For further read: click here

In the beginning there was angina pectoris, at the end there was still angina pectoris.

The Editorial Comment by P.W. Serruys et al in JACC Interventions, refers to the paper by Collet on focal and diffuse disease (JACC Intv; 2022; 15(24):2506-2518). Serruys discusses the complex evaluation of Pre-PCI (PPGindex, dQFR/ds) and Post-PCI (QFR and IMR). It becomes more and more important to quantitatively assess the extend of focal and diffuse disease pre-PCI, to determine what the proper treatment strategy should be, and to assess the results post-PCI both in terms of the remaining pressure drop (QFR), as well as the microcirculatory index (IMR).

For further read: click here

Rationale and design of the iCORONARY trial: improving the cost-effectiveness of coronary artery disease diagnosis

Dr. J. Peper and co-authors under the supervision of Dr. M.J. Swaans of the St Antonius hospital, Nieuwegein, The Netherlands published the Design of the iCORONARY trial in the Netherlands Heart Journal. This is a Dutch prospective, multicentre, non-inferiority randomized controlled trial (RCT), with a blinded end-point evaluation. It investigates the costs, effects and outcomes of different diagnostic strategies to evaluate the presence of CAD and the need the revascularization. The study consists of 3 randomized groups: 1) FFR-CT guided strategy, 2) QFR-guided strategy, or 3) standard of care. The primary endpoint will be MACE at 1 year.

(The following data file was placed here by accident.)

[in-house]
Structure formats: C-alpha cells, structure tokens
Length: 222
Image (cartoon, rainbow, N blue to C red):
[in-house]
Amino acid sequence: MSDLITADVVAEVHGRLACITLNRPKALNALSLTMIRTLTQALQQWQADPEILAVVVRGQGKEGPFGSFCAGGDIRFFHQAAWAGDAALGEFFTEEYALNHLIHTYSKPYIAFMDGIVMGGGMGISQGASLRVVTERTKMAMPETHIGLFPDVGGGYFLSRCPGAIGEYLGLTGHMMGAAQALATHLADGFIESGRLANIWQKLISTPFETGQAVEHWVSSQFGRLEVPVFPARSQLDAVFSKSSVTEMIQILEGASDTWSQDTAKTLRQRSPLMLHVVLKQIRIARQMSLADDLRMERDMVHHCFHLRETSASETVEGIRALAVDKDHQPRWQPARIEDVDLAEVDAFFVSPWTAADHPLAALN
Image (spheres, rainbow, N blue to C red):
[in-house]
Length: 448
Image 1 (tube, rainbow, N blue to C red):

For further read: click here

Diagnostic performance of quantitative flow ratio, non-hyperaemic pressure indices and fractional flow reserve for the assessment of coronary lesions in severe aortic stenosis.

Dr. C. Dowling et al from the Monash Health and Cardiovascular Research Center, Melbourne, Australia published a paper in Cardiovascular Diagnostics and Therapy under the supervision of Dr. Dennis Wong. This is a prospective study of 35 patients who were considered for TAVI. The key findings of this study are: 1) QFR demonstrates excellent discriminatory power and good diagnostic performance (AuC > 0.92) for predicting functionally significant FFR in the setting of severe aortic stenosis; 2) QFR demonstrates an acceptable diagnostic performance (AuC > 0.90) relative to non-hyperemic indices (iFR, dPR and pd/PA); and 3) QFR demonstrates excellent diagnostic performance (AuC=0.93)  vs FFR when QFR values are outside the borderline zone of 0.75-0.85.

For further read: click here